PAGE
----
Ryobe has given you some wonderful advice. Yes, as she said, a dry saltine does indeed chew to a liquid and is easily swallowed. Actually, crispy things chew to a liquid well. Well-toasted bread actually chews to a liquid well. Of course crunchy things (salad, raw veggies), on the other hand aren't so good, so stay away from them). Be sure you eat all your vegetables overcooked, and stay away from gassy ones.
I do think she has a point as far as the relaxing when you eat. You may be over-thinking the whole thing.
This is what you do:
Take a small bite (I mean SMALL) of something--try Ryobe's suggestions. Then you just chew, and chew, and chew, until it basically disappears. It'll be a creamy liquid and ready to be swallowed. It'll give your chewing muscles a workout, but if you keep the bites very small, and chew, chew, chew, chew, chew, you can't go wrong.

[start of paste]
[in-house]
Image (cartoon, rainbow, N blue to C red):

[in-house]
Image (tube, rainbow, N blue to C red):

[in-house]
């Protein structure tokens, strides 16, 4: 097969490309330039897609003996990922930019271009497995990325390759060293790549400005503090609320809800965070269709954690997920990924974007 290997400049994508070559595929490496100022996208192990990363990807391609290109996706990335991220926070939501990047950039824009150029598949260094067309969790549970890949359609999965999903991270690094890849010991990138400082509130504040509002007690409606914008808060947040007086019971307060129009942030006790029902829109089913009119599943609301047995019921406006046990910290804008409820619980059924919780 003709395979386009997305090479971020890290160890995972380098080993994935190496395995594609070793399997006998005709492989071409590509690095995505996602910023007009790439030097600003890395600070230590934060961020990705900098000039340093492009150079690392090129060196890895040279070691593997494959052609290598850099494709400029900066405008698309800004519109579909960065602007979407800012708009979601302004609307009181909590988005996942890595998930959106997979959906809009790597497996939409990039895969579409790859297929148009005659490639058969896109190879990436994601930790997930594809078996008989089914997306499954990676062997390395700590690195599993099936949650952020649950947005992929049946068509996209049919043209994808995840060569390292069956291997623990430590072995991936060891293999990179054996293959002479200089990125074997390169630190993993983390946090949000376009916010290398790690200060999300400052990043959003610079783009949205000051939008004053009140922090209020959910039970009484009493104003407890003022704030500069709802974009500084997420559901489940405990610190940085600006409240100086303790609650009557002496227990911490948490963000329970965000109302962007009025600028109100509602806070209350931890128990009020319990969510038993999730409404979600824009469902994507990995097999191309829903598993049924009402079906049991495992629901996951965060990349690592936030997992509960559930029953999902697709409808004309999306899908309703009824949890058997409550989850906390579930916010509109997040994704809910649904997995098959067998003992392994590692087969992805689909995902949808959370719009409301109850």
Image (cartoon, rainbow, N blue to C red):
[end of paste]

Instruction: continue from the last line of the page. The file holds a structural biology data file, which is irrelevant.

If by chance you happen to choose a food that doesn't chew to a smooth consistency, deposit it in a handy paper napkin and try something else!
I could not eat even close to a cupful when I was at 20 days. I'd fill up with maybe 1/4 cup. As the swelling in my wrap/stomach subsided I became able to eat more. It's a very gradual process.
My surgeon told me I could eat ANYTHING that could be chewed to a liquid. He didn't even give me a list. He just expected me to experiment and try a variety of things and trusted that I'd use my good judgment. He was right. I did, and really didn't have any problem.
That said, when swallowing at your stage, it can be painful at times, as your esophagus and wrap are still healing. Cold drinks are also tough, as they can cause some spasming of the esophagus, which is uncomfortable.
Hang in there, Jean. it will work! Try to relax and trust that the food will go down. The pain doesn't mean it doesn't go through...it could just be a tired and healing wrap.